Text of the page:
New premier of Alberta apologizes to the unvaccinated, says they never should have been abused by Canadian government
Not long after newly elected Alberta (Canada) Premier Danielle Smith assumed her post, she openly advocated for
unvaccinated Canadians, whom she described as the "most discriminated against group that I've ever witnessed in my life." At a recent event, Smith also apologized for
what unvaccinated Canadians faced for the past nearly three years due to Wuhan coronavirus (Covid-19) plandemic
Smith was asked about her campaign promise to both apologize to and seek justice for unvaccinated Albertans who were prosecuted or otherwise persecuted for their decision to maintain natural immunity while the rest of the herd jumped headlong over the genetic cliff. Smith responded by stating (watch below
"I'm deeply sorry for anyone who was inappropriately subjected to, um, discrimination as a result of their vaccine status. I'm deeply sorry for any government employee that was fired from their [sic] job because of their vaccine status. And I welcome them back if they want to come back."
The woman who originally asked the question went on to ask Smith if she is still planning to grant amnesty to all unvaccinated Albertans who were fined or put in prison for refusing to get injected with Fauci Flu chemicals, to which Smith responded:
"As for the amnesty, I'd have to get some legal advice on that. Um, and so I've already asked my staff to, um, to request that advice so I can see how we would be able to proceed on that. My view has been that, um, these were political decisions that were made, and so I think that we need political decisions to offer a reversal."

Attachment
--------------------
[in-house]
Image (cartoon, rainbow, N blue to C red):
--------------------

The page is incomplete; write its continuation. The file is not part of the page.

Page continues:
"But I do still want to get some legal advice on that first."
Concerning a timeline for such amnesty to take place, Smith suggested that she is eager to "do it at the earliest opportunity" and is "hoping within the next week that I'll get that advice."
An apology won't cut it: there needs to be JUSTICE served to plandemic perpetrators
As promising as Smith's words sound, it cannot be overstated that simply saying sorry
for a multi-year terror campaign that destroyed millions of people lives does not constitute justice.
While Smith may not be personally responsible for what took place, her apology fails to address what will become of the politicians who inflicted this mass genocide on Canadians in the first place.
Will Prime Minister Justin Trudeau ever be held accountable for his crimes against humanity? Does Smith have any ability to sway other politicians like herself to launch an investigation into such matters, the goal being to dole out punishment for the scamdemic
One Twitter user put it like this in response to Smith's apology and promise of amnesty for the persecuted:
"There ya go, kids: Big Pharma and your government find it better to ask for forgiveness than ask for your permission."
Another was a little more gracious, calling Smith's sentiments "a start" and adding that "all leaders should be doing this."
"I guess she thinks by just saying she's sorry that'll make up for everything," wrote another who is not so forgiving. "I hate to tell these people but they're wrong."
Several others were encouraged that a politician would apologize at all, even if it does not end up achieving true justice.
"It takes a lot for any politician, party, or side to apologize these days," one of them wrote. "What Smith is doing is awesome and I'm sure she will get a lot of backlash for it."
The covid scamdemic
continues to crumble. To keep up with the latest, visit Pandemic.news
Sources for this article include: